Learn about brain tumors
Many of the people who come to us for treatment options have been newly diagnosed with a brain tumor. Brain tumors can be are primary or metastatic.
- Primary brain tumors are tumors that originate in the brain, and they are made up of brain tissue. In the U.S., primary brain tumors are diagnosed in about 17,000 patients every year, 3,500 of those are in children under the age of 20. Learn more about primary brain tumors.
- Metastatic tumors are tumors that have occurred because cancer already exists in the body, and it has spread from another organ to the brain. Metastatic tumors are much more common and are found in up 170,000 patients per year. Learn more about metastatic brain tumors.
Our patients are often referred to us from other physicians because they have very complex cases. Other times, they may be referred to us so they can be screened for candidacy for one of our clinical trials. And, sometimes, patients discover us on their own. Regardless of how you arrive to the Preston A. Wells Jr. Center for Brain Tumor Therapy, we are glad you are here.
Brain Tumor Facts
Anytime someone is faced with a difficult diagnosis like brain cancer, it is important to understand the facts and to dispel the rumors. Here are some quick facts.
- 1.4% of newly diagnosed cancers are primary brain tumors.
- 2.4% of cancer related deaths are caused by brain tumors.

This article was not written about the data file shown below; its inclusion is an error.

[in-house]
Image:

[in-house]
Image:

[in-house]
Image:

- Nearly half of all primary brain tumors are gliomas.
- 80% of gliomas are considered grade three or four.
- Average age of onset for primary brain tumors is 59.
What do we know about glioblastoma?
What is the difference between cancer grades and cancer stages?
Solid organ cancers like lung, breast, prostate and colon cancers are staged. Staging tells us about the degree of spread. But, since primary brain tumors rarely “spread” outside the brain and spinal cord, they are graded. Grading can tell us how aggressive the cancer is.
Grades range from one to four, one being less aggressive, four being most aggressive. Grade one tumors are commonly benign and curable through surgery. However, benign tumors can still be troublesome based on location and operability. Tumors with a grade of three or four are commonly referred to as malignant.
Grading assists in determining the prognosis for the patient and helps us determine treatment options, which might include:
- Surgery alone
- Surgery followed by radiation treatment
- Surgery followed by radiation and chemotherapy